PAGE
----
AT v BT: The Return of Compensation

Published: 20/06/2024 19:41

In AT v BT [2023] EWHC 3531 Francis J considered what he described (at [4]) as ‘the proper approach of the court to the sharing principle and to the principle of compensation’ given that ‘the husband maintains that this is a pure needs case and the wife asserts that this is a full sharing case’. This led H to offer a lump sum of £3.545m and W to seek a lump sum of £9.145m (with W to retain a property with an agreed value of £195,000 (£190,000 net of notional costs of sale)).

W’s case was that significant sums held in trust were in reality assets to which H had access, and that they should form part of the computation of the parties’ assets of which W was entitled to an equal share. Although W accepted that some of the assets were non-matrimonial in character she contended that (i) these pre-marital assets (some of which were held in trust) had become ‘matrimonialised’; and/or (ii) to the extent to which the doctrine of pre-acquired assets might usually justify a departure from equality, that departure was rebutted by the application of the doctrine of compensation. By contrast H asserted the sums were non-matrimonial (with a significant part of the portfolio having been pre-acquired by him) and should not form part of the court’s computation and, in any event, it was a needs case and that the wife’s claim should be approached on that basis.

Before AT v BT the position in relation to compensation was (it was thought) relatively well-settled. Yes, Lord Nicholls of Birkenhead in Miller/McFarlane [2006] 1 FLR 1186 had espoused three guiding principles for the determination of financial remedy claims but whereas needs and sharing were readily understood and applied compensation was rarely so. In RP v RP [2007] 1 FLR 2105 Coleridge J went so far as to suggest at [62] that compensation represented a ‘blind alley at the mouth of which a “no entry” sign should be firmly placed’.

The high-water mark was SA v PA (Pre-marital Agreement: Compensation) [2014] 2 FLR 1028 per Mostyn J. He stated at [24] that he found the concept to be ‘extremely problematic and challenging both conceptually and legally’ and gave five reasons for this. At [35] he stated that ‘[i]t is hard to identify any case where compensation has been separately reflected as a premium or additional element’. However, despite his reservations Mostyn J acknowledged at [36] he was bound by the House of Lords’ decision and expressed the principles concerning a compensation claim as follows:

(i) It will only be in a very rare and exceptional case where the principles will be capable of being successfully invoked.

(ii) Such a case will be one where the court can say without any speculation, i.e. with almost near certainty, that the claimant gave up a very high earning career which had it not been foregone would have led to earnings at least equivalent to that presently enjoyed by the respondent.

(iii) Such a high earning career will have been practised by the claimant over an appreciable period during the marriage. Proof of this track-record is key.

(iv) Once these findings have been made compensation will be reflected by fixing the periodical payments award (or the multiplicand if this aspect is being capitalised by Duxbury) towards the top end of the discretionary bracket applicable for a needs assessment on the facts of the case. Compensation ought not to be reflected by a premium or additional element on top of needs-based award.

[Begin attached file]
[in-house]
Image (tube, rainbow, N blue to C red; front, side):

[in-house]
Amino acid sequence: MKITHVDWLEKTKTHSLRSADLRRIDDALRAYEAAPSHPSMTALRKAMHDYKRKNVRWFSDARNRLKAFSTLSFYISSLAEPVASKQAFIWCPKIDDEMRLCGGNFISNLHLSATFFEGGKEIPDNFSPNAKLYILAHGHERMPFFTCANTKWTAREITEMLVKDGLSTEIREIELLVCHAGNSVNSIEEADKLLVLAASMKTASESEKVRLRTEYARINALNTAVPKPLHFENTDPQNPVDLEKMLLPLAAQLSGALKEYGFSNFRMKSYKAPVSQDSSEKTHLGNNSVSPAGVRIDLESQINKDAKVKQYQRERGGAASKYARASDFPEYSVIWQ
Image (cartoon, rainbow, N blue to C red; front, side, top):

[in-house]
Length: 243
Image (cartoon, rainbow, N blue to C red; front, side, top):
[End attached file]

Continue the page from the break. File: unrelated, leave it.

No doubt this was a deliberately high threshold that would be all but impossible to satisfy.

Compensation suffered a further blow with Waggott v Waggott [2018] 2 FLR 406 where Moylan LJ stated at [139]:

I next deal with the compensation principle. I do not accept Mr Turner’s submission that the compensation principle is to be applied not only when the applicant has sustained a financial disadvantage in his or her prospective career but also when the respondent has sustained a financial benefit. In my view it is clear from Miller that compensation is for the ‘disadvantage’ sustained by the party who has given up a career. I appreciate that it is based in part on the other party’s career having benefited but I regard that as an assumption rather than an evidential issue which has to be determined, in part because of the difficulty of undertaking any such exercise. In practice it is a claim which appears very rarely to have been established and I do not intend to encourage any more extensive or expensive exploration of the issue. However, as a necessary factual foundation the court would have to determine, on a balance of probabilities, that the applicant’s career would have resulted in them having resources greater than those which they will be awarded by application of either the need principle or the sharing principle. Further, the court must separately determine whether, and if so how, this factor should be reflected in the award so as to ensure that it is fair to both parties.

And so the principle remained in abeyance save for brief flourishes in (i) RC v JC [2020] EWHC 466 per Moor J where prior to the marriage the wife had been on a clear path to becoming a partner in a magic circle law firm and it was found that she was highly likely to have had very high earning capabilities and having applied the sharing principle which was sufficient to meet both the wife’s housing and income needs the judge made a compensation award of £400,000 by way of lump sum; and (ii) TM v KM [2022] EWFC 155 per His Honour Judge Hess where there was clear evidence that the wife had a highly successful career in investment banking prior to devoting herself to the childcare role and supporting the husband’s career choices and she was awarded an additional £500,000 by way of lump sum. However even in RC v JC Moor J gave a warning to litigants who would consider pursuing claims for relationship-generated disadvantage, stressing at [72] that ‘they should not take this judgment as any sort of “green light” to do so unless the circumstances are truly exceptional’.